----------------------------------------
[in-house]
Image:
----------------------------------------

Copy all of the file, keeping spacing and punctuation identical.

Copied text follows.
[in-house]
Image: